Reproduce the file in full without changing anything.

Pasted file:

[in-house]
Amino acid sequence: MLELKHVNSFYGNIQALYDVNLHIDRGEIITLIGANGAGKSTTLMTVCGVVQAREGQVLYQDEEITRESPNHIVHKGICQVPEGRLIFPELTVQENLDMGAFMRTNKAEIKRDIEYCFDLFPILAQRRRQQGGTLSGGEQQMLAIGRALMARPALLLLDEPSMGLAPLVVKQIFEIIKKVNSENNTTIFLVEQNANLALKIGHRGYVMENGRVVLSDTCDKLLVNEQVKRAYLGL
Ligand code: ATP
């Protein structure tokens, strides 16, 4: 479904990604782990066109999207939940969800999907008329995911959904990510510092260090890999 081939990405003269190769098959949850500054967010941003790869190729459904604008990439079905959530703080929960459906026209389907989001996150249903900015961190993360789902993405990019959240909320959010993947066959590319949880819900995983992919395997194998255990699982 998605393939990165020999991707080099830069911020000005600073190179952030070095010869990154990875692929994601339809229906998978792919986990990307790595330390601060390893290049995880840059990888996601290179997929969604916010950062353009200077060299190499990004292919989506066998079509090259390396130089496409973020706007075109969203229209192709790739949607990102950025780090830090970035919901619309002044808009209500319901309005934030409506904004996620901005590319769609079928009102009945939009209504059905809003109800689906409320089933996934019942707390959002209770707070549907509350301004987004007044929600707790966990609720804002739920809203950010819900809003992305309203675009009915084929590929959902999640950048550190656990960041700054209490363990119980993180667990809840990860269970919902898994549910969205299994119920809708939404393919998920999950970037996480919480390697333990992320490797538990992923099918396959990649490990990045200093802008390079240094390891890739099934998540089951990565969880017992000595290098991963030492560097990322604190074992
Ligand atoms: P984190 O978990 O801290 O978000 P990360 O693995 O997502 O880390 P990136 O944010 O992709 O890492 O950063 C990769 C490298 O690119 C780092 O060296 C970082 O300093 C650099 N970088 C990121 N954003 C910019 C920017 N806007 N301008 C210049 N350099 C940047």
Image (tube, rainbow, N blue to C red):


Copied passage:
[in-house]
Amino acid sequence: MLELKHVNSFYGNIQALYDVNLHIDRGEIITLIGANGAGKSTTLMTVCGVVQAREGQVLYQDEEITRESPNHIVHKGICQVPEGRLIFPELTVQENLDMGAFMRTNKAEIKRDIEYCFDLFPILAQRRRQQGGTLSGGEQQMLAIGRALMARPALLLLDEPSMGLAPLVVKQIFEIIKKVNSENNTTIFLVEQNANLALKIGHRGYVMENGRVVLSDTCDKLLVNEQVKRAYLGL
Ligand code: ATP
């Protein structure tokens, strides 16, 4: 479904990604782990066109999207939940969800999907008329995911959904990510510092260090890999 081939990405003269190769098959949850500054967010941003790869190729459904604008990439079905959530703080929960459906026209389907989001996150249903900015961190993360789902993405990019959240909320959010993947066959590319949880819900995983992919395997194998255990699982 998605393939990165020999991707080099830069911020000005600073190179952030070095010869990154990875692929994601339809229906998978792919986990990307790595330390601060390893290049995880840059990888996601290179997929969604916010950062353009200077060299190499990004292919989506066998079509090259390396130089496409973020706007075109969203229209192709790739949607990102950025780090830090970035919901619309002044808009209500319901309005934030409506904004996620901005590319769609079928009102009945939009209504059905809003109800689906409320089933996934019942707390959002209770707070549907509350301004987004007044929600707790966990609720804002739920809203950010819900809003992305309203675009009915084929590929959902999640950048550190656990960041700054209490363990119980993180667990809840990860269970919902898994549910969205299994119920809708939404393919998920999950970037996480919480390697333990992320490797538990992923099918396959990649490990990045200093802008390079240094390891890739099934998540089951990565969880017992000595290098991963030492560097990322604190074992
Ligand atoms: P984190 O978990 O801290 O978000 P990360 O693995 O997502 O880390 P990136 O944010 O992709 O890492 O950063 C990769 C490298 O690119 C780092 O060296 C970082 O300093 C650099 N970088 C990121 N954003 C910019 C920017 N806007 N301008 C210049 N350099 C940047």
Image (tube, rainbow, N blue to C red):